The first translation of the Kural into a European language was that of C.J. Beschi of the Society of Jesus (1700-1742) who translated the Kural into Latin. Interestingly the first translation of Dhammapada to a European language was also in Latin (by Dr. Fausboll), but this happened only in 1855! A Latin translation of Bhagavad Gita appeared only in the year 1823 by Schlegel. The first translation of the Kural into English (as selections) happened in 1794 by Kindersley (Extracts from “Ocean of Wisdom”) only nine years after the first English edition of the Gita appeared. The Kural was translated into German by A.F. Cammera in 1803 and into French by Ariel in 1848, just two years after the Gita was translated into French by Lassens. It is interesting is to compare this with the history of translating Bhagavad Gita. It was first translated into English in 1785 by Charles Wilkins. It was translated into Latin in 1823 by Schlegel, into German by Von Humbolt in 1826, into French by Lassens in 1846 and into Greek by Galanos in 1848. However, the first ever Indian work translated into an European language appear to be a selection of 200 slokas of Bhartrihari into Dutch.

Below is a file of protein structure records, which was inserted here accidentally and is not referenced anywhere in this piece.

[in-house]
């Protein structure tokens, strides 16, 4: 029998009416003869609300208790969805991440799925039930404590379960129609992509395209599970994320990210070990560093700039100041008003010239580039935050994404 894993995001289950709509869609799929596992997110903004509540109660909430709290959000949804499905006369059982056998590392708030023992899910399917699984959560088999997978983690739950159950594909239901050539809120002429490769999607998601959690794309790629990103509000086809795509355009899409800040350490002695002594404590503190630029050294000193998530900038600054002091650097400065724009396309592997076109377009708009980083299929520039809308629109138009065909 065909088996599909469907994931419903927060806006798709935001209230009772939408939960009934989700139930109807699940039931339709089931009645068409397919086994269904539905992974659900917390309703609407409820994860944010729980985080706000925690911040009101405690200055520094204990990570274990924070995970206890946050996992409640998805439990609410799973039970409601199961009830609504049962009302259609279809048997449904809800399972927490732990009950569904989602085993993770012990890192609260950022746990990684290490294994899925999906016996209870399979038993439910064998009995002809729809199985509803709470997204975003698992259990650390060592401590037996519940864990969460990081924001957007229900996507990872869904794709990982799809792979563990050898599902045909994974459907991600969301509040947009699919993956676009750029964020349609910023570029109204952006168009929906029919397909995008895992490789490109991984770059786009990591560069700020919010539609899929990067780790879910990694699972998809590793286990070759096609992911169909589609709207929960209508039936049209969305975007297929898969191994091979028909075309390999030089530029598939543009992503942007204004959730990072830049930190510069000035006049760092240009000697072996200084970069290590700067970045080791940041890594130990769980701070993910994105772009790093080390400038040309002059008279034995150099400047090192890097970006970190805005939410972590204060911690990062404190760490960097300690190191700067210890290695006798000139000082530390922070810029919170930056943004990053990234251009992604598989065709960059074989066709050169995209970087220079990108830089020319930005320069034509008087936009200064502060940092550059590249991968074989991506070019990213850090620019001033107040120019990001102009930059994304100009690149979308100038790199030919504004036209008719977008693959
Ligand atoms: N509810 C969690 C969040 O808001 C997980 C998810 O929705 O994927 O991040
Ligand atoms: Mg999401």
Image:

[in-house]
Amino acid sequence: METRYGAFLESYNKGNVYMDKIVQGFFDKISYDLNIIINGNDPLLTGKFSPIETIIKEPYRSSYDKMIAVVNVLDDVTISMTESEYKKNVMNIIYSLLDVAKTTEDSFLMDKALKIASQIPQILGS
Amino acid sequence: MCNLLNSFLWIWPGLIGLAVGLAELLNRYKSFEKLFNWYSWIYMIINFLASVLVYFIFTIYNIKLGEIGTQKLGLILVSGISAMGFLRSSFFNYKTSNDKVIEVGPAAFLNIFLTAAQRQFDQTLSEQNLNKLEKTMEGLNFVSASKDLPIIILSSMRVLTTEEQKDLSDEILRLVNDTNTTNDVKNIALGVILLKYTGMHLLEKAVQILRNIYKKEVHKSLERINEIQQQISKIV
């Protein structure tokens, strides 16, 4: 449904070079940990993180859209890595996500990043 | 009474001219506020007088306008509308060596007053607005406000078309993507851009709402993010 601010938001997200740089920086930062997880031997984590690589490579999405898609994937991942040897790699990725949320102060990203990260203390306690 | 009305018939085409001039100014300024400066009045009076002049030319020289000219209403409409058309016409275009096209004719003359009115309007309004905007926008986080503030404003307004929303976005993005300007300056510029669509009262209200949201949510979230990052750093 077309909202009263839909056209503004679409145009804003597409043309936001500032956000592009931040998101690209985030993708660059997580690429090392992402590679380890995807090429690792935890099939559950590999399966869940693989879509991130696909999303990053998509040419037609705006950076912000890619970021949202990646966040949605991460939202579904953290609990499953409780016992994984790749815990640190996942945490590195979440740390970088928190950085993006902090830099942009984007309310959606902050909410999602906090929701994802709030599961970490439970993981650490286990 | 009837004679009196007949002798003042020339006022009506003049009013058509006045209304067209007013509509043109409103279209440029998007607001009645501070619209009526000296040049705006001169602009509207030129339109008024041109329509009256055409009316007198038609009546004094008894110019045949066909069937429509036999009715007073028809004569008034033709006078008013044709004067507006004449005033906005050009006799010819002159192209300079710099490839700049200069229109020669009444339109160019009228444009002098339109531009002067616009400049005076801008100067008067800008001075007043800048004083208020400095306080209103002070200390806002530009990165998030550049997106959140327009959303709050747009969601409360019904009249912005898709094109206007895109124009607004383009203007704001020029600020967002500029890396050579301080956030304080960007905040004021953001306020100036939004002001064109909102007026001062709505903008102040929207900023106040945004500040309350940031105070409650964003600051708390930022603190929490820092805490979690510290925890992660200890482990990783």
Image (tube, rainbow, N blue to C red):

Some of the well known translations in English include those by G.U. Pope, W.H. Drew & John Lazarus, V.V.S. Iyer, K. Srinivasan, C. Rajagopalachari and P.S. Sundaram. Some of these English translations and many others' are now available on the net.
Some important translations of Tirukkural in English on the internet
It spite of its translation into more than 30 languages of the world (perhaps into 60 or 80 languages as mentioned before), hardly any translations – other than in English – are available on the net. The only complete translation of the Kural in a foreign language other than English available on the net is Russian [*]. The idea here is to present the Kural in all the major languages of the world including all the Indian languages. The most difficult part in this exercise is procuring copies of the Kural that were translated during first half of 20th century. Many of them are out of print and subsequent editions have not been produced. In some languages like English, Malayalam, Telugu, Bengali and Kannada new translations continue to be produced every year, while in some like French, Latin and Urdu new editions or reprints of the old translations are published. However for many other languages like Marathi, Chinese and Sinhalese, the only source is the old publications available in libraries. Some languages like Fijian, French, Japanese, Russian and Polish have seen newer translations.